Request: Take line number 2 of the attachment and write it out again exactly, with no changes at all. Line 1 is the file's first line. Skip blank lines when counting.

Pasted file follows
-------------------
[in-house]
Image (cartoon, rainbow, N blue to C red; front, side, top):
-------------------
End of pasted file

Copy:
Image (cartoon, rainbow, N blue to C red; front, side, top):